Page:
Frequently Asked Questions regarding the July 5 Argenta Hall Explosion

Updated information as of Monday, July 15 at 12 p.m.

Image of the Joe Crowley Student Union, E.L. Wiegand Fitness Center from north to south

Since the explosion that damaged both Argenta and Nye Halls on Friday, the University has mobilized its people and resources in an effort to help those affected.

Frequently Asked Questions regarding the July 5 Argenta Hall Explosion

Updated information as of Monday, July 15 at 12 p.m.

Since the explosion that damaged both Argenta and Nye Halls on Friday, the University has mobilized its people and resources in an effort to help those affected.

Image of the Joe Crowley Student Union, E.L. Wiegand Fitness Center from north to south

Since the explosion that damaged both Argenta and Nye Halls on Friday, the University has mobilized its people and resources in an effort to help those affected.

Last updated at 12 p.m. Monday, July 15.

What happened?
Two explosions occurred Friday, July 5, 2019, on campus that damaged Argenta and Nye Halls, two of the University’s residential buildings. The explosions are believed to be an isolated incident that occurred in Argenta’s boiler room. Residential Life staff and emergency personnel responded swiftly and comprehensively to secure the buildings and ensure the safety of students and staff. Eight people were treated for minor injuries. The safety of all students, guests and staff is our highest priority. 

Was anyone hurt?
Eight people, of which six were students, were treated for minor injuries. There were no deaths. All summer residents and staff are safe and accounted for. We are very grateful to the fast-thinking Residential Life staff who evacuated Argenta Hall following an initial explosion and for the unified response by area first responders. 

How did the University respond?
In the immediate aftermath of the explosion, first responders and emergency personnel secured the scene and conducted a search of both buildings. Residential Life staff set up a command center and began calling every resident to make sure they were safe and accounted for. The University also released public messages about the incident, and requested that residents call or email to let us know they were safe. Housing staff and student employees worked quickly to open Peavine Hall and prepare beds for residents displaced from Argenta. Nevada Dining served dinner in the Overlook Café. 

Staff, students, faculty and the community pitched in and pulled together immediately, and have worked tirelessly since Friday afternoon to meet the needs of everyone affected. 

Is there reason to worry about safety of other residence halls?
We have no reason to believe that the other residence halls are unsafe. Our residence halls are well-maintained year-round with inspections conducted on regular schedules.

We are confident this was an isolated incident. The safety of all students, guests and staff is our highest priority. 

Is Argenta Hall in danger of collapsing?
No. Thanks in large part to the way the buildings were constructed, Argenta and Nye Halls are structurally sound. Multiple structural engineers from the Nevada Urban Search and Rescue Task Force have inspected the buildings and have said Argenta Hall performed as it should in a situation like this. We have been given a strong assurance, by these engineers, that the buildings are structurally sound.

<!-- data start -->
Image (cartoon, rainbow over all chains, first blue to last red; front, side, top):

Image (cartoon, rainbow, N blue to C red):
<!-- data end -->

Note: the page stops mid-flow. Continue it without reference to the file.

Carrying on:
Is campus open this week?
Yes. Classes resumed Saturday, July 6. 

What closures, if any, can be anticipated around campus?
Sierra Street and Virginia Street are open. Artemesia Way will be indefinitely closed. Artemesia Building, which houses the University’s Department of Human Resources, opened Thursday, July 11 and is on its normal operating schedule. 

How were all Argenta Hall residents accounted for? 
In the immediate aftermath of the explosion, Residential Life set up a command center and began calling every resident to make sure they were safe and accounted for. The University also released public messages about the incident, and requested that residents call or email to let us know they were safe. Housing staff and student employees worked quickly to open Peavine Hall and prepare beds for residents displaced from Argenta. Nevada Dining served dinner in the Overlook Café.

Injured students have been followed up with as have the staff and students who were evacuated.

Will Argenta Hall students be able to retrieve their personal belongings?
Reunifying students with their personal belongings from their rooms in Argenta has been ongoing. Structural engineers have been on site since Saturday afternoon and have determined the building safe to enter and begin to retrieve those personal items. Priority was placed on items such as passports and personal medication. Students will be reunified with their personal belongings. We appreciate their understanding and patience of the students impacted. 

University Police Services, working with the Reno Fire Department, has been able to retrieve some critical personal items from Argenta, such as medications, passports and laptops. Gift cards are being provided to the students to cover other needs. Since the incident occurred Friday, we have circulated the following numbers for students, parents and anyone else who might have concerns or need information about housing, food and parking on campus. These numbers are: 775-784-1113 or 775-682-8241 or email housing@unr.edu . In addition, our staff in Student Services continue to offer support and access to immediate resources to help all students with emotional and informational needs. 

What additional services have been made available to the affected students?
All of our services, including crisis counseling services, have been made available. Counseling Services can be reached at 775-784-4648; the Crisis Call Hotline is 775-784-8090. Members of our Education, Psychology and Social Work faculty have stepped forward as well to help in this effort, within three hours of it occurring. Faculty has also been asked to work with summer school students affected by the Argenta Hall explosion.